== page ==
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(The cited material is now online, so I linked it)
 
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Things (related to Haskell) that give us the feeling of surprise instead of design, the way natural sciences and mathematics do.
 
Things (related to Haskell) that give us the feeling of surprise instead of design, the way natural sciences and mathematics do.
   
In an Eskimo tale, the Raven, after having created the world, does not recognize his own creatures. He creates a marrow, and after a while, a man steps out of the split marrow. -- Who are you and how do you get here? -- asks Raven his own creature. In another tale, a creature is creating himself, astonishing the god.
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[http://www.smithsonianeducation.org/educators/lesson_plans/eskimo/page05.html In an Eskimo tale], the Raven, after having created the world, does not recognize his own creatures. He creates a marrow, and after a while, a man steps out of the split marrow. -- Who are you and how do you get here? -- asks Raven his own creature. In another tale, a creature is creating himself, astonishing the god.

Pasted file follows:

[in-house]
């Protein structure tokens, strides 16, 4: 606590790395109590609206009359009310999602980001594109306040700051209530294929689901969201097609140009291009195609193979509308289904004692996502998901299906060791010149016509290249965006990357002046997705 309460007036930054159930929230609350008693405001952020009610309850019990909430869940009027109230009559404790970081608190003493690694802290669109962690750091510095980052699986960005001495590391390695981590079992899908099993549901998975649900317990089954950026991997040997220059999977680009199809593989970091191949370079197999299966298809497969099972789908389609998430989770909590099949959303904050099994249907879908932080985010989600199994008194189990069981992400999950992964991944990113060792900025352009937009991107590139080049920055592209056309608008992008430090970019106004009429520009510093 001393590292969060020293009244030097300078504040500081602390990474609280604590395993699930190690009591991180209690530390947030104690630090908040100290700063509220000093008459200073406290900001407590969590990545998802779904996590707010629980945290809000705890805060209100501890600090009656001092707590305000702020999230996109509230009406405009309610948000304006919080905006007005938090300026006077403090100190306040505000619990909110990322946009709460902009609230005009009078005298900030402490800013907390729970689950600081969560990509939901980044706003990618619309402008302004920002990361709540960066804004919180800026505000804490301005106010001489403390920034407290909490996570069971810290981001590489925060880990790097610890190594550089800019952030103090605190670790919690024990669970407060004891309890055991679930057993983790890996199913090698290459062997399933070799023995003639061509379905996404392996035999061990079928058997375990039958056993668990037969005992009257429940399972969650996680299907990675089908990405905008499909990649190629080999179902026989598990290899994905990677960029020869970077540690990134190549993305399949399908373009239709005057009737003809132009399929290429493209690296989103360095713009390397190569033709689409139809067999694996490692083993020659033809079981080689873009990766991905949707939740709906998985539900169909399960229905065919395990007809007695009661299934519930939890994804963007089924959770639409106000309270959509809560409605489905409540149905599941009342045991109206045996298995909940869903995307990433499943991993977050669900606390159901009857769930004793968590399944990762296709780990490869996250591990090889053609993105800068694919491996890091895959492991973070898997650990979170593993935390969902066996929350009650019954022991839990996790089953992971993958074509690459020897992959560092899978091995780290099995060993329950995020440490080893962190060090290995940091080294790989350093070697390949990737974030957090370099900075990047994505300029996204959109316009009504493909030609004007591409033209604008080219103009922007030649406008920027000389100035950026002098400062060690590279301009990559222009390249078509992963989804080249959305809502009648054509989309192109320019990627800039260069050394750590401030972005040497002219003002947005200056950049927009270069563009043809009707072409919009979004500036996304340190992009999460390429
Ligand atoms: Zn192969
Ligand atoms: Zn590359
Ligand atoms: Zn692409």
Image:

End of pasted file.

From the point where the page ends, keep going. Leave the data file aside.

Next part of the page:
In <math>\lambda</math>-calculus and combinatory logic, the existence of Church numerals was a surprise, too. They were not anticipated, so not a mere design.
 
In <math>\lambda</math>-calculus and combinatory logic, the existence of Church numerals was a surprise, too. They were not anticipated, so not a mere design.

Latest revision as of 16:19, 3 October 2006

Things (related to Haskell) that give us the feeling of surprise instead of design, the way natural sciences and mathematics do.

In an Eskimo tale, the Raven, after having created the world, does not recognize his own creatures. He creates a marrow, and after a while, a man steps out of the split marrow. -- Who are you and how do you get here? -- asks Raven his own creature. In another tale, a creature is creating himself, astonishing the god.

In λ-calculus and combinatory logic, the existence of Church numerals was a surprise, too. They were not anticipated, so not a mere design. Other things can be astonishing too -- like the mere existence of self-replicating programs (quines), a consequence of the fixed point theorem.

Haskell is based on and related to powerful ideas, and learning Haskell can yield a feeling of exploring something out there, instead of watching a huge cathedral.